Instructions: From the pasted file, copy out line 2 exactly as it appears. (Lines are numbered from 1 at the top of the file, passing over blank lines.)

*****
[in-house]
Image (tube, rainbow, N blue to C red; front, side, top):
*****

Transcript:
Image (tube, rainbow, N blue to C red; front, side, top):